Farmers have warned the UK’s food supply could be affected by tensions in Russia and Ukraine, with soaring costs hitting firms.
Speaking to The Independent, Minette Batters, president of the National Farmers’ Union (NFU), warned that the two countries supply just under one third of global wheat exports.
Farmers have faced spiralling costs after a temporary block on fertiliser chemicals exported by Russia and hiked energy prices.
Batters urged the government to take the risk to food security seriously. She told The Independent: “I cannot understand why you would not treat food security as importantly as defence. The quickest way to create a serious issue [for a country] is if you have food shortages.”
The farming sector has been hit hard this month after Russia imposed a two-month block on ammonium nitrate this month. The product helps to boost the yield from wheat and cotton.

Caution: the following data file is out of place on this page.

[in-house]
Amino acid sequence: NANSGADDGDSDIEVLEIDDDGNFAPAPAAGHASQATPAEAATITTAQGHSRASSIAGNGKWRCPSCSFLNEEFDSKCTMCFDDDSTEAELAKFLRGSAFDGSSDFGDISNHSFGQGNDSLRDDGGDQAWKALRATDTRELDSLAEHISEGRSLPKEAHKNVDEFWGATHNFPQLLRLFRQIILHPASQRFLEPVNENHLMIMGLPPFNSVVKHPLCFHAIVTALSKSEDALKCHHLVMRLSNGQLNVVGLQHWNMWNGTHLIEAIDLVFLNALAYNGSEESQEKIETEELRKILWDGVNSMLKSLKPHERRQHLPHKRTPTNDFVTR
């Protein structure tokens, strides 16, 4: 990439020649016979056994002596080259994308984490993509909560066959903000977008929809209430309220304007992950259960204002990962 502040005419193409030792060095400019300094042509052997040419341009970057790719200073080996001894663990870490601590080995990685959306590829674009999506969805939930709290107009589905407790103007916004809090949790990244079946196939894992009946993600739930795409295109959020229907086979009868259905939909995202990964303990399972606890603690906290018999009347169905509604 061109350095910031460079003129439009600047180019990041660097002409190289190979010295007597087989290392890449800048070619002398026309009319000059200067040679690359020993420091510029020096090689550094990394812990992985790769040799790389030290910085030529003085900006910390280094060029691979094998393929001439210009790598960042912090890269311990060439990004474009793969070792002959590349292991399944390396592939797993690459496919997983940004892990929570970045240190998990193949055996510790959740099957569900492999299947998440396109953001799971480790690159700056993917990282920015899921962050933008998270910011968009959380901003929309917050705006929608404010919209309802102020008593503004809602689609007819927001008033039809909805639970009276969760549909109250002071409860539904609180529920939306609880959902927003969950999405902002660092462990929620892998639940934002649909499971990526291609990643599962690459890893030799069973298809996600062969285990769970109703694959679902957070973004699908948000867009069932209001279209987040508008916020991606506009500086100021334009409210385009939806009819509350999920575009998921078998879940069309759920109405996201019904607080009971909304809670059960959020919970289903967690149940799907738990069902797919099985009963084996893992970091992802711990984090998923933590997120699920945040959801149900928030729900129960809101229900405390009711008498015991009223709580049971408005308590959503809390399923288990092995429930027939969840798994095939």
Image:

Fertiliser costs have soared in the wake of this block, after increasing last year when Western nations imposed sanctions on Belaruskali, Belarus’s biggest potash supplier.
Batters added: “Last year I paid under £300 a tonne for nitrogen fertiliser; this year it’s over £700 a tonne. [Russia and Ukraine] know exactly how much the world is reliant on them for natural gas and fertiliser.”
“Agriculture seems to be the pawn in trade deals. So I think it is a perfect storm,” she added.
The farming chief accused the Prime Minister of having a lack of understanding towards the problems faced by the sector, although there were some in government “who seem to get this.”
“All you hear is this rhetoric around putting land aside for nature, ‘build back beaver’; this is a very frustrating adversarial approach between setting land aside and producing food.
The raft of issues surrounding food production currently “just doesn’t seem to get cut-though at the moment,” she said.